There is no fucking way that Avon ever said this - or even thought this. Not in this universe or in any other.
From issue 3 (Dec 1981)
‘Tension mounted as the two ships closed…’
Servalan chases a renegade, Pangal, under sentence of death for the crime of knowing her history. Pangal survives in an escape capsule as his ship is destroyed. Falling down to Xenon, the capsule is spotted by Avon, who takes Pangal back to Xenon base when he reveals he is also an enemy of Servalan. But Pangal has a plan to trade Avon and the crew in for his freedom…
Servalan is still Commissioner Sleer. Pangal is sentenced to death for knowing her true identity.
The big battle at the start takes place above Xenon. Servalan takes part personally, without realising how close she is to Avon’s base
Tarrant comments on how paranoid Avon is becoming. They’re really trying hard with the characterisations here.
A big Terry Nation-esque creature rears out of a lake (of mutations) on Xenon and tries to eat Pangal.
Vila whacks Pangal over the head with Orac.
This artist (the mysterious Kennedy…) loves drawing Scorpio.
Pangal’s plan of handing the Scorpio crew over to the Federation in exchange for a free pardon was done with Terry Wogan in the previous issue.
There’s a big circular control console in Xenon base. It looks like a fat TARDIS interior.
Zen seems to be living in the Xenon base control room, judging by one of the panels behind Soolin. It’s round with little squares on it, like Zen was.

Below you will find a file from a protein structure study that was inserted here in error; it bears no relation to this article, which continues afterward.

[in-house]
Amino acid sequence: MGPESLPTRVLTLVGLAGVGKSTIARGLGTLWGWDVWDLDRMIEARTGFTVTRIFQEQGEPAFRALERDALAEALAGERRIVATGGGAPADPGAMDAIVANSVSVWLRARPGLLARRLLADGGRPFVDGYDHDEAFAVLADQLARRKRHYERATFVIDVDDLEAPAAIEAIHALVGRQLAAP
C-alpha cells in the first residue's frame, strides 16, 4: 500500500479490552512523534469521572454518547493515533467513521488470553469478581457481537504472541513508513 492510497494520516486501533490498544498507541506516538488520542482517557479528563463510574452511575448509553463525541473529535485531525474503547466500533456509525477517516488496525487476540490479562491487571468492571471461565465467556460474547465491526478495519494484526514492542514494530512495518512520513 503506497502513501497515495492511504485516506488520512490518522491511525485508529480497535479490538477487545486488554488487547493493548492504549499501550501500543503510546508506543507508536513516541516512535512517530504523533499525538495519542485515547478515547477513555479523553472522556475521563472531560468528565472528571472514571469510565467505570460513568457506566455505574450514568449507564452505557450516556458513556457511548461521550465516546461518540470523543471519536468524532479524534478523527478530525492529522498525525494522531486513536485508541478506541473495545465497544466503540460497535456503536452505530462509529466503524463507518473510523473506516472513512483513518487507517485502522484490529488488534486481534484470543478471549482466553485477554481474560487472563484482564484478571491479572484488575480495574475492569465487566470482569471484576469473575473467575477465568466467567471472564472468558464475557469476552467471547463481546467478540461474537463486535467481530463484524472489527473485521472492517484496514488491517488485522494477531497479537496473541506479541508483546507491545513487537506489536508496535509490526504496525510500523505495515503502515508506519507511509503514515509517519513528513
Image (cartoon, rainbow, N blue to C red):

Avon’s at his best again. He kills the traitorous Pangal by teleporting him over to Servalan’s ship with a half-repaired teleport machine. Pangal materialises in a glowing mess and dies.
Though Avon does have a chance to destroy Servalan’s ship with her onboard, and lets her go, even though she knows Scorpio is based on Xenon.
We’d love it if Soolin or Dayna got something to do.
Vila: ‘You must be off your galactic trolley, Avon!’
Vila: ‘Uh? What’s he playing at? It’s not death or glory time again, is it?’
We love the caption, ‘As ever, Avon was right…’
‘RAARRG’ – the roar an angry snake-like lake mutation makes when you shoot it.
‘He was prepared to exchange us for his life. Even for a renegade… that price was too high. He deserved what he got. But Tarrant really killed him. He failed to repair the teleporter in time.’
Pangal is a bit of a non-entity, but it’s nice to see Servalan got a proper bit of action, shooting his ship down, planning to double-cross him, and then being let off when Avon has her at his mercy. Avon and Vila still get all the best stuff though.
From issue 4 (Jan 1982)
‘Holding stationary orbit behind the moon of Cignus 3 Scorpio is rigged for silent operations. On the flight deck is a tension which could be cut with a knife…’